Apply now for the Innovations in American Government Award
Applications are now being accepted for the $100,000 Innovations in American Government Awards. Offered by Harvard Kennedy School’s Ash Center for Democratic Governance and Innovation, the Innovations Award is the nation’s premier award for the public sector. It recognizes programs that demonstrate creative and effective government at its best.
AAAS launches PRE (Peer Review Evaluation) across the Science family of journals
Peer review is at the heart of scholarly communication. All Science journals now feature the PRE (Peer Review Evaluation) badge which shares peer review data with researchers at the article level. By clicking the badge, authors and readers can quickly see detailed information about the rigor of the peer-review process and evaluate the quality of the scholarly content.
PRE will provide readers with greater confidence in the integrity of the publishing process, and new insights into the peer- review of the articles they read, share, and cite.
Science & SciLifeLab Prize for Young Scientists now accepting entries
We believe that excellent young researchers deserve a little extra attention and endorsement. If you are a recent Ph.D. graduate, you could be the next winner of the Science & SciLifeLab Prize for Young Scientists.
Submissions are now open for 2016 entries. Doctoral graduates may submit an essay based on their thesis work. Four winners, in different categories, will be selected for this international award. Application deadline: August 1, 2016.
Science announces new short-form video competition
Wow us with your best data! And when we say “wow,” we mean just that: Make us laugh, make us cry, make us gasp with delight at the stunning discoveries and probing insights you can bring to life with data visualization. All entries should be in video format, and all videos should last no more than 90 seconds. Other than that, no holds barred. You can narrate, animate, or even act out your data points to tell us your bigger story.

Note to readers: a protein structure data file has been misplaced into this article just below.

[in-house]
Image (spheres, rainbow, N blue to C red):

Q&A with AAAS Director of Meetings and Public Engagement, Tiffany Lohwater
Each year, AAAS brings together thousands of leading scientists, engineers, educators, policymakers, and journalists to discuss recent developments in science and technology at its Annual Meeting. The latest meeting was held in Northwest Washington, D.C., from February 11-16. STEM professonals attended symposia, plenary and topical lectures, specialized seminars, poster sessions, an international Exhibit Hall, and the free community science showcase, Family Science Days.
AAAS hosts Wikipedia Edit-a-Thon
Scientists and Wikipedian wordsmiths teamed up at the recent Annual Meeting of the American Association for the Advancement of Science (AAAS) in Washington, D.C. to bridge the knowledge gaps that exist on the free encyclopedia in four Wikipedia “Edit-a-Thons.”
Science announces two new high-impact research journals
What do immunology and robotics have in common? They’ve inspired new online journals from AAAS: Science Immunology and Science Robotics. Both will launch this year.
ALERT: Keep your credit card secure, upgrade your browser today!
AAAS adheres to PCI (Payment Card Industry) compliance protocols that encrypt and keep safe your credit card information. The PCI Security Standards Council is constantly looking for weaknesses in the protocols and in 2015 announced changes to keep hackers from taking advantage of vulnerabilities in older web browsers.
AAAS Fellow William Colglazier appointed to new UN advisory committee
AAAS Fellow William Colglazier has been appointed to a new United Nations advisory committee, the Technology Facilitation Mechanism (TFM). The 10-member group will support the creation and use of innovative technologies for achieving the 2030 Agenda on Sustainable Development, which seeks to wipe out poverty, fight inequality and tackle climate change over the next 15 years.
Seeking scientists to engage the public on synthetic biology
Interested in engaging the public and getting communication skill support? In the summer of 2016, 200 science museums and other sites across the U.S. will be conducting hands-on activities and forum conversations to engage the public with synthetic biology.
Funded by NSF, the Building with Biology project seeks to encourage information sharing between scientists and members of the public. If you're a student or practicing scientist in synthetic biology or a related field, sign up today to express your interest in participating at a location near you!